Saturday October 20, 2012
Curbing fuel rip-offs
By STEPHEN THEN
MIRI: Tighter control on the sales of diesel and petrol has been enforced on local petrol stations to prevent illegal sales of fuels.
Fuel suppliers have been instructed by the Domestic Trade, Consumerism and Cooperatives Ministry to deliver the proper quotas based on the normal or average daily sales registered by the respective stations.
Previously, the managers or supervisors of petrol stations could just call the oil companies and ask for extra fuel as demanded by the station management. Now, this practice has been forbidden, it is learnt.
The Star office here found out about this matter yesterday.
Members of the public said that some petrol stations in the city and its outskirts had run out of fuel late at night. Fuel stations in the city alone sell up to eight million litres of fuel per day, second only to Bintulu.
Yesterday, The Star spoke to the ministry’s enforcement chief for northern Sarawak, Zakaria Awang, on this latest development where he acknowledged that the tighter control had been enforced.
“Yes, we have enforced a tighter monitoring system to control the amount of fuel sold by the fuel stations. We have to stop them from selling fuel illegally.
“We have also reduced the quota of fuel that can be delivered by oil companies to these stations. The quota that can be delivered daily is based on the actual amount of sales registered by the stations. We check the records of actual sales and then set a quota of fuel that the supplier can deliver."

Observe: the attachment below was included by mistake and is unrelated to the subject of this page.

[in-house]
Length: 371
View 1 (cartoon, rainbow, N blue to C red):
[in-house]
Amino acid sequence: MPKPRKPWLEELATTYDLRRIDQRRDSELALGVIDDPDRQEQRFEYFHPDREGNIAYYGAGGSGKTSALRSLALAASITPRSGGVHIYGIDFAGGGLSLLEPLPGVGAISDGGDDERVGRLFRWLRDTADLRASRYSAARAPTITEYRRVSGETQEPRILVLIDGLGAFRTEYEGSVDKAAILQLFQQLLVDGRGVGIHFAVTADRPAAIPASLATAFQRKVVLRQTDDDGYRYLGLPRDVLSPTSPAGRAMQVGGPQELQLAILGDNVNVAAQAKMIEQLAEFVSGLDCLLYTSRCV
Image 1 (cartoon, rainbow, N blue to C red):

Zakaria said the quota cannot be changed by the fuel station or the suppliers without the ministry’s approval.
As to why the tighter control measures are necessary, he said it had been found that some fuel stations had sold excessive amounts of diesel and petrol to those who are not eligible to buy the subsidised fuel.
These illegal sales had resulted in these stations raking in indecent extra profits.
“Previously, some of these stations simply ask for huge amounts of fuel and then sell a big portion illegally. They simply called the oil companies every time they want more supplies and that they had run out of fuel. This practice is no more. There must be very strict control,” he said.
On the fuel supply situation in the interior of Baram where there was a severe shortage last month, Zakaria said the problem had been overcome.
Last month, some 20,000 people living between Marudi town and Long Lama town were short of diesel when the supply ran dry.
The suppliers and contractors here were caught up in some transportation woes that resulted in disruption of the deliveries.
Zakaria yesterday said the problems had been sorted out and the daily deliveries had resumed.